Body image

How children think and feel about their body and the way they look can affect their mental health in both a positive and negative way.

Body image relates to children’s body size or shape, height, skin colour, appearance, facial features, physical disabilities or differences.

For young children, attitudes about body shape and size can start as early as three or four years old when they are already becoming aware of societal pressures to look a certain way.

Studies show that primary school girls are more likely to compare their appearance to their peers, while boys are more likely to focus on how strong their body is, usually in relation to how good they are at sport.

Family, cultural and community attitudes and opinions about what is “normal” for both boys and girls can influence a child’s view of how they think and feel about themselves and others.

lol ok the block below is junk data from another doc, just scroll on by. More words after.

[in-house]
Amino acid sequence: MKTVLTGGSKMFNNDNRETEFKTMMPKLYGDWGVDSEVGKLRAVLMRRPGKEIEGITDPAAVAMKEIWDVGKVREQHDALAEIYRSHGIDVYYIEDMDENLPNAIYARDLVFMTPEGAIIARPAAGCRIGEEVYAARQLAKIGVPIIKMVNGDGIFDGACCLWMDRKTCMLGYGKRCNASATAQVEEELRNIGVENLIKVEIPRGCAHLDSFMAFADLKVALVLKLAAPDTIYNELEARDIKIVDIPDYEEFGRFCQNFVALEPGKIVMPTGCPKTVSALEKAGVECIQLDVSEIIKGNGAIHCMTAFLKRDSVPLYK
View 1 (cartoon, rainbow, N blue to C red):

The media can also affect what children think “normal” is - this sometimes leads to children creating unrealistic expectations about their bodies. Other factors, such as long-term health conditions, may also have an impact.

  • Girls as young as five years old are worried about the way they look and their size
  • A quarter of girls aged seven have tried to lose weight at least once
  • A third of young boys aged between eight and 12 are dieting to lose weight

How body image affects mental health

Being body positive can support mental and physical health by boosting confidence and helping children to develop a healthy image of themselves. Not measuring their worth based on how they look can boost overall wellbeing, and means children are more likely to think about being healthy and fit, rather than being a certain body size. 

A negative body image or body dissatisfaction can lead to a child having:

  • low self-esteem
  • low confidence
  • anxiety
  • depression
  • poor self-perception.

It can also affect a child’s:

  • learning
  • quality of life
  • participation in school
  • achievement in school